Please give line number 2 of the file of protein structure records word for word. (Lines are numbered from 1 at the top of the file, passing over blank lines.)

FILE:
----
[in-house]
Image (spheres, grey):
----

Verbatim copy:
Image (spheres, grey):